Climbing in the Himalaya is often a series of stops and starts. The teams arrive in Base Camp on their respective mountains only to have to wait for lines to be installed before they can go up. After that they start the acclimatization process by going up to Camp 1, they go back to BC for a rest. Once they’ve recovered some, it’s back up the hill for a visit to C1 and C2, then down to Base Camp once more. Start and stop. Right now, the teams have once again restarted and on Everest and other 8000-meter peaks the climbers are on the move again.
On the world’s highest peak it seems the teams are taking advantage of good weather by heading up the hill. High winds are expected on the mountain over the next few days, which should cause most of the climbers to retreat once again to BC. The weather could put a crimp in the rope fixing activities, which may cause a slight delay in reaching the summit, but the Sherpa teams on both the North and South Side of the mountain are making steady progress. In Tibet, the lines have now been installed above the North Col, while on the Nepali side of the mountain the team is slowly approaching Camp 4. Currently, it looks like that work should be finished sometime in the next few days, with the first summits coming as a result. After that, the waiting game begins with team leaders keeping a close eye on the weather.
The first teams on the South Side of Everest reached Camp 3 yesterday. Their job was to shuttle gear and just go up to that point as part of the acclimatization process, with the climbers –– who are part of the For Ranger team –– quickly descending back to C2 afterwards. They’re the first non-Sherpas to go above 7000 meters (22,965 ft) on the South Side so far this year, but others are sure to follow close behind.
Over on Lhotse, which sits right next door to Everest, Korean climber Hung Sung Taek has checked in with a status update. He has reportedly now reached Camp 2 and is pressing upwards to establish Camp 3 despite the potential for high winds. Hung is attempting to complete an unclimbed route along the South Face, which has eluded him several times in the past.
It wouldn’t be a climbing season in Nepal without a bit of controversy and corruption of course. I’ve already heard stories of liaison officers not reporting to Base Camp, but choosing to stay in Kathmandu instead. That’s pretty typical however, and almost expected at this point. But today The Himalayan Times is reporting that a government leader who is suppose to be leading an expedition to Everest to remeasure the height of the mountain has been moonlighting by leading a commercial expedition on the side at the same time.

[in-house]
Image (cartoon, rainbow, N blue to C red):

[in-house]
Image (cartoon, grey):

A permit was issued to the expedition that covered just two members, Khimlal Gautam who is the leader of the team and Rabin Karki who is serving as the survey officer. Both were given permission to summit Everest as part of the process of determine the actual height of the mountain, which has been in dispute for years. But records now indicate that the permit has been expanded to include seven other climber who were not suppose to be part of the team.
Gautam is already in EBC and hasn’t been reached for comment, but it is important to point out that his climb is being supported by Peak Promotion Pvt. Ltd, which was contracted by the Nepali government to provide logistical support. It is possible that representatives from the company added the additional climbers to the permit, potentially pocketing the normal fees that would need to be paid to the Nepali government. This is pure speculation on my part, and there could easily be something else amiss, but we’ve seen this kind of scam before with fake permits being issued, additional climbers being added, and so on.
I’m sure eventually we’ll hear an explanation for the additional climbers being added to the permit and I almost guarantee it won’t be a very satisfying answer. Such is the way of things in Nepal where everything seems to be a shell game at all times.
More to come soon.